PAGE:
The crisis of confidence in Indonesia’s legal system has gone on far too long to try to fix things with conventional tools like judicial reforms. When it comes to improving the country’s notoriously iffy record in enforcement of contracts, which in Jakarta can cost up to 74 percent of a deal’s value versus 9 percent in Iceland, it’s time to use blockchain technology.

Finding the money wouldn’t be hard. The aggrieved parties would themselves gladly invest, and one of them could be Goldman Sachs Group Inc.

The U.S. investment bank says it’s “surprised and disappointed” by Tuesday’s South Jakarta District Court order, which directs Goldman not only to forsake the 425 million shares in PT Hanson International it bought in 2015 from U.S. hedge fund Platinum Partners LLC through the local stock exchange, but also to pay 320.8 billion rupiah ($24 million) in damages to the property developer’s founder, Benny Tjokrosaputro. Apparently, the businessman had borrowed against the shares in a repurchase transaction; he hadn’t authorized a third-party sale.

Goldman will appeal. Regardless of what ultimately happens, a question mark will linger. It’s impossible to talk about property rights if a third party can walk in and demand an exchange-mediated deal be nullified.

It isn’t the first time something like this has happened. Deutsche Bank AG got embroiled in a similar controversy as a seller. The dispute centered on ownership of a coal mine in South Kalimantan, which was collateral for a $100 million bridge loan in 1997. The loan wasn’t repaid, and the mine was sold in 2002 for $46 million.


But then came the sharp rise in Chinese coal demand. The mine’s former owners, Indonesian plantation tycoon Sukanto Tanoto and businessman H. Djojohadikusumo, sued in Singapore, saying Deutsche Bank hadn’t acted in good faith. They obtained a Jakarta High Court ruling to bolster their case. Proceedings dragged on. In 2010, a Singapore judge ordered the former owners to stop their parallel legal attempts in Indonesia.

Commercial disagreements crop up everywhere. Indonesia’s problem is that rules and institutions that ought to be reducing the scope for disputes do no such thing. In Goldman’s case, having a stock exchange in the picture was no use. In the Deutsche Bank incident, the German lender had received permission from the South Jakarta District Court (the same one that passed the Goldman order) to sell the collateral privately. In the end, that gave little comfort.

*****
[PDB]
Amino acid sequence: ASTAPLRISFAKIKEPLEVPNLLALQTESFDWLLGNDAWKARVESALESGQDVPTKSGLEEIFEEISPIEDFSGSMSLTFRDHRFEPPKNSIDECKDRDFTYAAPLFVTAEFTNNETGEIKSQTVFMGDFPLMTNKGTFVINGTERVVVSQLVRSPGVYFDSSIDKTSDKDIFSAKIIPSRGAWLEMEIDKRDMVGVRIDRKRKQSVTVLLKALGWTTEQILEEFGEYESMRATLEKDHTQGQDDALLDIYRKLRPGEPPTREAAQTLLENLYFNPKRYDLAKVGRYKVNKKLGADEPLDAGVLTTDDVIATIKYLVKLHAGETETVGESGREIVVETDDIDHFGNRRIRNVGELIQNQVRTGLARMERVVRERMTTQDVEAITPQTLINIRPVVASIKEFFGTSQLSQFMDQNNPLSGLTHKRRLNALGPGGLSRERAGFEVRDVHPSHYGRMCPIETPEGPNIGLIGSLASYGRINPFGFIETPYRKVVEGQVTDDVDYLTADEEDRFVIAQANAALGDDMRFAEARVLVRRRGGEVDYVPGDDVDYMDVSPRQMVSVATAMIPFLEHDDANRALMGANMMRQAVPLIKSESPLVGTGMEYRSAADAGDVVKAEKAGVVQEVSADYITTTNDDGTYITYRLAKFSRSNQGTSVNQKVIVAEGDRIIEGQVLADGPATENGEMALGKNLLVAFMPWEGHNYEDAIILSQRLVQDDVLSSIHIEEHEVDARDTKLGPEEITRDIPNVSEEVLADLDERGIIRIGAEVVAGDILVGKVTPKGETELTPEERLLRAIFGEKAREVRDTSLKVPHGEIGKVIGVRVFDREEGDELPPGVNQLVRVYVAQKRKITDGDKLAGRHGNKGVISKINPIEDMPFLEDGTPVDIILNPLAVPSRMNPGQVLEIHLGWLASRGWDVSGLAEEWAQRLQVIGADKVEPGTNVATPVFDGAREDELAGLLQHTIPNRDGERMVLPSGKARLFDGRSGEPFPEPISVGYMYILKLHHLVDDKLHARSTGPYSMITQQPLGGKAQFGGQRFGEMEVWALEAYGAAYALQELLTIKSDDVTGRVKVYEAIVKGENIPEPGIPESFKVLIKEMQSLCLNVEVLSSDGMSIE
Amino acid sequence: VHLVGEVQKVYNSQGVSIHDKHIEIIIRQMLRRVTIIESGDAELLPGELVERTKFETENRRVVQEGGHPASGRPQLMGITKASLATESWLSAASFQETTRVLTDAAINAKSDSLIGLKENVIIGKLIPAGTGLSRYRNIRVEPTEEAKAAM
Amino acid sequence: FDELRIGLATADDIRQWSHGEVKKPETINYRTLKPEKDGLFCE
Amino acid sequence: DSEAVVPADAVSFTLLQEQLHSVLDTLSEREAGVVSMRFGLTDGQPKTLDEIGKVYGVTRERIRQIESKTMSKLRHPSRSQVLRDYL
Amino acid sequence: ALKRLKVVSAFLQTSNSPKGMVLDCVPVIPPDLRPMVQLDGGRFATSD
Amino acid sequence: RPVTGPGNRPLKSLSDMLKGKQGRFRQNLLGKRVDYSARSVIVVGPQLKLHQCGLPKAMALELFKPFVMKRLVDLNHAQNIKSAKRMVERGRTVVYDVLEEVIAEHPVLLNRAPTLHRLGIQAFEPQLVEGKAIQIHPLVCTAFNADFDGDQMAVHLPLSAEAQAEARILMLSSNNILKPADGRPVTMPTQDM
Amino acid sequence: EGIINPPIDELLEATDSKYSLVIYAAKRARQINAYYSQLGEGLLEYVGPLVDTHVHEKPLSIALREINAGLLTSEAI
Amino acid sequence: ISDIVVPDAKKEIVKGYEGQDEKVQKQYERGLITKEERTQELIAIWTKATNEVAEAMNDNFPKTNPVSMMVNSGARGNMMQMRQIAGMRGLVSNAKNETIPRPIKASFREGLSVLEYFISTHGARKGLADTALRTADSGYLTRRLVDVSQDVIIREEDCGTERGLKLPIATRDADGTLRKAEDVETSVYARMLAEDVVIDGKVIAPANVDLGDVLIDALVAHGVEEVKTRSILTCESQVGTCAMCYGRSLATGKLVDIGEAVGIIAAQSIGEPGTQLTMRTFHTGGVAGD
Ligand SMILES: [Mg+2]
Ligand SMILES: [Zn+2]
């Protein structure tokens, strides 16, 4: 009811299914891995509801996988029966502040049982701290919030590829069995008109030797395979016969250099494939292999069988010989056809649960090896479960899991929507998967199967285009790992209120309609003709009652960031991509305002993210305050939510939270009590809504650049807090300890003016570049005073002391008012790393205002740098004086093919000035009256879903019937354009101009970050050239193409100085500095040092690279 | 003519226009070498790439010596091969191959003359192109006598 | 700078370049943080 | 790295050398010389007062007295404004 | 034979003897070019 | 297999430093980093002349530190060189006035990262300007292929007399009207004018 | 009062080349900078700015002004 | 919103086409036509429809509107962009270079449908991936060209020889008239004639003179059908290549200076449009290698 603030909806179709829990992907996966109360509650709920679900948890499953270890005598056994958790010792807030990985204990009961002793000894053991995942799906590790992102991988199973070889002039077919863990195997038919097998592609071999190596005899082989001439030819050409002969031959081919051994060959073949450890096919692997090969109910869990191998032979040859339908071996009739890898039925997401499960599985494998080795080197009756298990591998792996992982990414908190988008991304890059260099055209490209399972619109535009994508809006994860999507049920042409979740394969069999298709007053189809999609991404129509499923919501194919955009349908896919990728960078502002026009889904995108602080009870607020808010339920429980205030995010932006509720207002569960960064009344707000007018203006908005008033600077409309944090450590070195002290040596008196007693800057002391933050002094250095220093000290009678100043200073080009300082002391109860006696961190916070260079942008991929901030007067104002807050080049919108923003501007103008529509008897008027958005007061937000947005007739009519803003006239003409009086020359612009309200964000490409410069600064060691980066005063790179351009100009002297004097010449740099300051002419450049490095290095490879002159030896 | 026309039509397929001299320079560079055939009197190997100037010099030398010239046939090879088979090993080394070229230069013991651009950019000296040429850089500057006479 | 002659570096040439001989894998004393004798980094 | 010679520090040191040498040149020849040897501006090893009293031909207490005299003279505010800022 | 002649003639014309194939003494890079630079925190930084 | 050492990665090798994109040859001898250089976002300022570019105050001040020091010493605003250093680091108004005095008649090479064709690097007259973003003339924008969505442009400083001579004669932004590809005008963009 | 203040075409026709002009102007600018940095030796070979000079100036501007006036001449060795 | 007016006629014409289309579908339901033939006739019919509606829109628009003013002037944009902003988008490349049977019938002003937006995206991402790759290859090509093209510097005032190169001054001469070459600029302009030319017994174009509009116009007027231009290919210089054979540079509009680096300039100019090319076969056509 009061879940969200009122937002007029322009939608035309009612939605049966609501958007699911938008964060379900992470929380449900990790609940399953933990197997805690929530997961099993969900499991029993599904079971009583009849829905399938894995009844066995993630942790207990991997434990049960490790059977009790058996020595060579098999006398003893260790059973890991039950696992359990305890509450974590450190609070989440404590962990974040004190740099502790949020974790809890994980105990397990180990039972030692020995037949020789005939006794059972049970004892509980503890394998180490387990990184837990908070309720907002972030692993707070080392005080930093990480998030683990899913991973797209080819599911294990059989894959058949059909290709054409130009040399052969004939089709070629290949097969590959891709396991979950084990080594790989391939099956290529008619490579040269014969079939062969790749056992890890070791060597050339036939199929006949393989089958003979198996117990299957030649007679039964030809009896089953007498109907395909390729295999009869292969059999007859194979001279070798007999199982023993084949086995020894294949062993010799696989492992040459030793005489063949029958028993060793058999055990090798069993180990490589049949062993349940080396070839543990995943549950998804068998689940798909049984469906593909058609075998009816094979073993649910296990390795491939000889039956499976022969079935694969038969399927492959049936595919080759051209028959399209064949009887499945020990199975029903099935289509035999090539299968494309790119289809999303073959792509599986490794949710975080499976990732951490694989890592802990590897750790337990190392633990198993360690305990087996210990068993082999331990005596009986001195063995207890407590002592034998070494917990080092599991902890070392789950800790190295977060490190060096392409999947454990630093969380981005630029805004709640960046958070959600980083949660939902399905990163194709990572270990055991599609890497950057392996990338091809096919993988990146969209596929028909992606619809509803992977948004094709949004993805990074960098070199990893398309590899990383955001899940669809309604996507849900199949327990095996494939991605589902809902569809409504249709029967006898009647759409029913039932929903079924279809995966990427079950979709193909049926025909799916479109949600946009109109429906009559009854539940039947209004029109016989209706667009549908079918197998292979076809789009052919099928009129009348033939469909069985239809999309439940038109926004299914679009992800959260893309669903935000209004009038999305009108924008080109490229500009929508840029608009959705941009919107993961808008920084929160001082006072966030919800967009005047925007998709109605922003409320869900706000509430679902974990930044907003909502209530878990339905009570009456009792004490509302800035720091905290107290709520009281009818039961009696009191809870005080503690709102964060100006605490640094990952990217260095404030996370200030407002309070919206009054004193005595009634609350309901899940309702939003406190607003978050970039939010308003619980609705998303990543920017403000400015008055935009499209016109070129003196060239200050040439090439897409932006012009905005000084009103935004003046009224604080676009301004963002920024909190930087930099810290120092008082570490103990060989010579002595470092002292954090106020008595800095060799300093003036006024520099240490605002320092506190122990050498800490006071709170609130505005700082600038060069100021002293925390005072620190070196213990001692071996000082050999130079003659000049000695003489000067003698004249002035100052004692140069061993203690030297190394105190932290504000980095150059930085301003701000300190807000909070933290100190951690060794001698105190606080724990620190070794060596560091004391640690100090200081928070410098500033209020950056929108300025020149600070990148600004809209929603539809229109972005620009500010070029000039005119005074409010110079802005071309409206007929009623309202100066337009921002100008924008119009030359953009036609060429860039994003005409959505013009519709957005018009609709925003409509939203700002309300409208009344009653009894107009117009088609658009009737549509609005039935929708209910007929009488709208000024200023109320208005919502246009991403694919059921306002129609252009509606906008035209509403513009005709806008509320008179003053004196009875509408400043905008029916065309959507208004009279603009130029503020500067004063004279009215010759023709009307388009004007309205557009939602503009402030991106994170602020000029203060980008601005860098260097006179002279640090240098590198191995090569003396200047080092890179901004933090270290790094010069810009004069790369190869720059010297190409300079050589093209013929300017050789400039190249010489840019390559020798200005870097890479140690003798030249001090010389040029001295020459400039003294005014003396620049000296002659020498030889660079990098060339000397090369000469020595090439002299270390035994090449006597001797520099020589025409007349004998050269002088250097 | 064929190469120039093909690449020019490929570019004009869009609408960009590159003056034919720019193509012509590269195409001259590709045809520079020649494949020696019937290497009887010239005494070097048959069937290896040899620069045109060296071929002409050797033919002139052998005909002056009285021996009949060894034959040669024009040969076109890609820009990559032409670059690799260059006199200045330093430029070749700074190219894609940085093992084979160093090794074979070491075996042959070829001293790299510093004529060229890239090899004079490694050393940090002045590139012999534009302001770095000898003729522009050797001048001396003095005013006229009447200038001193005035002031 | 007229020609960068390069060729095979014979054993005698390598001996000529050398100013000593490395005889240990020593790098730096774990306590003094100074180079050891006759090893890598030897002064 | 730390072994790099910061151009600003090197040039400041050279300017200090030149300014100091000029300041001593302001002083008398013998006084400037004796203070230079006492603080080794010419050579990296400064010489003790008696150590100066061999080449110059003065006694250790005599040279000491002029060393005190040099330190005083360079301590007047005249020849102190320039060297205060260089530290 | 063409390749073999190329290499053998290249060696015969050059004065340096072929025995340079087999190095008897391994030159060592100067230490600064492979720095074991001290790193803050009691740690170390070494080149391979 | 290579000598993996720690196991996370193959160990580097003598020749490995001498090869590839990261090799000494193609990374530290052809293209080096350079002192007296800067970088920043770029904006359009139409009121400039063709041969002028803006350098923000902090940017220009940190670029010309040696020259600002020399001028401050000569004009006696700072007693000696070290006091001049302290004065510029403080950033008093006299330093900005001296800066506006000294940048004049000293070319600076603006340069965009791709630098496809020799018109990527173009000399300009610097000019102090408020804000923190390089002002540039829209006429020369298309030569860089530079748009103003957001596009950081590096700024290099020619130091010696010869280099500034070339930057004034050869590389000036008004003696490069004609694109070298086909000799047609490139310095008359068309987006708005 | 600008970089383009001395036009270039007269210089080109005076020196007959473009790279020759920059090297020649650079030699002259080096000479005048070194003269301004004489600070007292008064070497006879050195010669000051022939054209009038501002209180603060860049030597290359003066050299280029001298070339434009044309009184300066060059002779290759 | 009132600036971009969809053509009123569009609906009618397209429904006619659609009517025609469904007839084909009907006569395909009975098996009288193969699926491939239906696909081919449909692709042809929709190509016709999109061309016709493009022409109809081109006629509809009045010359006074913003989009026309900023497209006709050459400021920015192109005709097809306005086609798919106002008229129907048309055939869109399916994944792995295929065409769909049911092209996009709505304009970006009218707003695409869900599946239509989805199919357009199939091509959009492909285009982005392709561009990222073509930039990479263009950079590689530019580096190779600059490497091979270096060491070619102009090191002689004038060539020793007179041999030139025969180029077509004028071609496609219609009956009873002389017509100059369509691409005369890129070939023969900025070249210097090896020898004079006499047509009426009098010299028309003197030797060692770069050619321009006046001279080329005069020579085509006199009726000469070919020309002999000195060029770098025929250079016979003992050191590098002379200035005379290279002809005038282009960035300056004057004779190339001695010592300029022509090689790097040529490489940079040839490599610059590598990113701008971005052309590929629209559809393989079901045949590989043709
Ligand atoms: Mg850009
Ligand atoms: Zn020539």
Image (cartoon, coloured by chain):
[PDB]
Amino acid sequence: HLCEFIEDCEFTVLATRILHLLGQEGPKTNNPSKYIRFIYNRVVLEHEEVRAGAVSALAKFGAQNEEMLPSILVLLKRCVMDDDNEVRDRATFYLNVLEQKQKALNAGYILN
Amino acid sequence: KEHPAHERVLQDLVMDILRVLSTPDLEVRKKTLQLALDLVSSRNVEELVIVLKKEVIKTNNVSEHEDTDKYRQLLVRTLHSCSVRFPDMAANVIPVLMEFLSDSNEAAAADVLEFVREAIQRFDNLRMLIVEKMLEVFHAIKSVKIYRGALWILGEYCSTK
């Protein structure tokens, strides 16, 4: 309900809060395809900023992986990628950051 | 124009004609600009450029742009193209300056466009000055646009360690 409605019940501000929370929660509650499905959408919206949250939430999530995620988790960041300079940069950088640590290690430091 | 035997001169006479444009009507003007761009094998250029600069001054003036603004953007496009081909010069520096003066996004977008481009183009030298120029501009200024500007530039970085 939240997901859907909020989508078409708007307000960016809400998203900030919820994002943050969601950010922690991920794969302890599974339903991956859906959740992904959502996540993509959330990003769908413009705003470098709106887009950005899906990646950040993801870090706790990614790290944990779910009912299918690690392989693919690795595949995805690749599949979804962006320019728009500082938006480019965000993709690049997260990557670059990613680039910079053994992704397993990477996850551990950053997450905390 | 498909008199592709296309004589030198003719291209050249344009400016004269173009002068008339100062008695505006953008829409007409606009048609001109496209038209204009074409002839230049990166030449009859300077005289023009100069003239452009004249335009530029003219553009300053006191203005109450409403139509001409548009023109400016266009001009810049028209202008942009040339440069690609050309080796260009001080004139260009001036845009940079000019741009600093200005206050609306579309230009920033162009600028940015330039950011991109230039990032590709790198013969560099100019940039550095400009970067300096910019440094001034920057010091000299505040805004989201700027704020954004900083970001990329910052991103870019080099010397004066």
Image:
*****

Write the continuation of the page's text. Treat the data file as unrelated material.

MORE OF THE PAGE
Areas vulnerable to commercial disputes

Everywhere

Now imagine a distributed digital ledger of assets, of the kind countries from Sweden to Ghana are experimenting with for their land markets. With a set of granular and highly specific rules on what hurdles must be crossed prior to disposal, it would be near impossible to sell property that isn’t one’s own. A true sale would be harder to challenge. Blockchain could also help mitigate risks in repurchase agreements of the type in which Goldman’s Hanson shares were collateral. 

Legal uncertainty in Indonesia is endemic. In 2004, a local commercial court declared Prudential Plc’s local unit bankrupt, two years after Canadian insurer Manulife Financial Corp.’s Indonesian venture was deemed insolvent. Exposure to such risks of mischief is a threat not only to banks and insurers, but to the entire financial system.

Some gaps can’t be patched up with technology. But when it comes to transferring a clean title, the Indonesian government should tap Goldman and JPMorgan Chase & Co., which recently participated in a successful, six-month blockchain trial in the $2.8 trillion equity swaps market.


For JPMorgan, currently banned from doing business with Indonesian government entities after a bearish call on the local stock market, this might also be a good way to get unblocked again. 

This column does not necessarily reflect the opinion of Bloomberg LP and its owners.

Andy Mukherjee is a Bloomberg Gadfly columnist covering industrial companies and financial services. He previously was a columnist for Reuters Breakingviews. He has also worked for the Straits Times, ET NOW and Bloomberg News.

To contact the author of this story: Andy Mukherjee in Hong Kong at amukherjee@bloomberg.net.

To contact the editor responsible for this story: Matthew Brooker at mbrooker1@bloomberg.net.

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